Scott Park also designs or makes modifications to commercial equipment for other purposes. For example,  (add blue seeder photo with white bins on top from website) he uses a modified Monosem planter to interplant corn with cover crop. He also uses it for direct-seeded tomatoes. The equipment is set up to fertilize with microbials and seaweed at the same time as he plants. He’s had particularly great success using it with the addition of Kinze Seed Firmers which are designed to press the seed into the soil exactly the way he needs it for consistent even germination with a tube that can place drops of the liquid fertilizer right behind the seed for the best results.

He also uses a Great Plains drill with a double disk opener (a no-till method used to create a furrow in which seed is placed, positioned and covered) that he modified by adding Kinze seed firmers. He added a tank with a hydraulic pump to get the fertilizer to the planter from the tractor. He just started using it to interplant cover crops with wheat and likes the approach very much.

Despite best efforts, however, Park still has had to deal with weeds. He goes through with the chopper and then uses a strip tiller to plant with. But he does wind up with weeds coming into the row. So he uses a piece of equipment called a “finger weeder” made by a company called Kult. The finger weeder can be run right over the plants when they’re about 4 inches tall and well-established to take out weeds that are only, at that point, about 1 inch tall. The finger weeder can pull those weeds out because they are not well-rooted while leaving his corn, tomatoes or beans intact. Timing of this process is critical. If you wait until the weeds are 2 inches tall, for example, it no longer will work because the weeds plants are already too established. But Park says “it does a fabulous job if you’re on top of it.” Not only that, he feels as if his crops respond extremely well and seem happier and healthier after this process.

Like Phil Foster, Scott Park used CIG grant money to buy a strip tiller planter that might have felt too expensive to invest in otherwise, even though he says he was strongly considering it anyway. The concept is that the only area disturbed is right where he’s putting 2 rows of corn on a 60” bed. His strip tiller is designed in such a way that the first blade cuts and makes a path for the planter. Another set of blades nudges any left over plant material off to the side. A piece clears the path while another brings a little dirt back in. This is followed by a concave roller that crumbles the soil in the row a little bit without pressing. He follows with his Monosem planter with the Kinze seed firmers.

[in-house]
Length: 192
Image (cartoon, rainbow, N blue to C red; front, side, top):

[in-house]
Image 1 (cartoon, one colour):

Finally, being an innovative farmer, it would be wrong to finish this article without mentioning the unexpected flesh and blood “equipment” Scott Park has just started using on his farm. Sheep and goats are starting to replace his tractors in terms of chopping cover crop biomass! The animals love the cover crops and even mix the debris left over into the soil a little with their hooves as they walk. After the animals graze Park found he could go in with his strip tiller and seeder and leave out the use of chopping equipment entirely. The animals convert the biomass into manure which means they’re fertilizing the land as well, eliminating his need to spend as much time and money on compost. He’s not sure but is hoping that the nipping and chewing of the plants by the animals will stimulate the plants to go into survival mode and “get the root exudate working with the soil biology ‘jazzed up’ to do their jobs more efficiently.”

Typically, when people are trying to make a living and avoid too much risk while doing it, they want a one-size-fits all textbook to follow. So, of course, most farmers want formulas for success if you just follow the right steps: one, two, three. Certainly, here at the Center for Regenerative Agriculture we’re looking for “best practices” to make it as easy as possible to achieve success. But when we compare even just the small subset of Regenerative Mentor Famers here in northern California have to say, it becomes clear that while the goals and benefits of Regenerative farming practices are the same, the way farmers achieve these goals can vary quite a bit. Each farm ecosystem is different and presents different challenges, depending on the climate, time of year, and crops desired. As Scott Parker likes to say “you have to take the time to get to know your farm so you can work with the forces of Nature on your property instead of fighting against it.” But one thing is clear, the tools you use can make all the difference. These three farmers are proof of that and they care enough to teach others. The events page(opens in new window) on our website is a good place to find out more. Visit our equipment page(opens in new window) to see photos and learn more about the tools in this article.